Volume 6 Supplement 2
ARV formulated microbicides big promise; as world waits vaccine
© Ondari et al; licensee BioMed Central Ltd. 2009
Published: 24 September 2009
New generation of Microbicides that are formulated using anti-retroviral drugs have reviewed hopes of getting a tool that would prevent HIV infection before 2015. Since ARVs have shown to prolong lives of people infected with HIV; being positive that these could be turned into effective microbicides.
Optimistic about the second generation of microbicides unlike first generation; known biological responses between virus and drugs, anti-HIV specific in small molecules, developing different combinations microbicides specifically designed to be active against HIV as well as combination therapies holding promises of even greater protection against HIV transmission than earlier formulations, pharmaceutical industries should develop a wide range of formulations currently being taken by people living with HIV/Aids-(PLWHAS) Microbicides are self-administered tropical substances that can block transmission of HIV and sexually transmitted infections, produced in various forms such as gel creams, sponges, lubricants and intravaginal rings applied inside the vagina or rectum. Those formulated using ARVs target the cells it infects. Some of these drugs stop HIV from binding a persons CD4 receptor of target cell a critical processes enabling virus replicate. Currently, a microbicide get formulated using tenofovirone of key 'ARVs used in HIV/Aids treatment.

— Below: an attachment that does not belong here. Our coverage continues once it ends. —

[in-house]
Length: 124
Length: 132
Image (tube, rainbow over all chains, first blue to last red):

Focus now is on dosage and form in which these microbicides will be delivered. Will it be once or twice a day, or come in form of gels, intravaginal rings or virginal tables? And can any form be applied by a woman during or after sexual intercourse. A lot of product acceptability studies are going on across sub-Sahara African countries, where over 75 per cent of microbicide studies are being conducted. Efforts to ensure the tools are acceptable to women do not irritate or offend their male partners are underway. Microbicides is one in the cocktail of tools including female condoms which are seen as the best way of empowering women to protecting themselves from HIV infection, especially when engaging in unprotected sex. Since utilization of the female condom remains low. Challenge facing most microbicides developers is how to make those that will turn out to be effective, accessible and affordable to women who need them most.
Community members provide valuable insight into cultural contexts where trails are going to take place; hence need to be consulted prior to commencing research.
This article is published under license to BioMed Central Ltd.